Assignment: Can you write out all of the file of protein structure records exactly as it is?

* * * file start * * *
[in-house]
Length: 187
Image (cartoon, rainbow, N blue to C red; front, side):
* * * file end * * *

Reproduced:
[in-house]
Length: 187
Image (cartoon, rainbow, N blue to C red; front, side):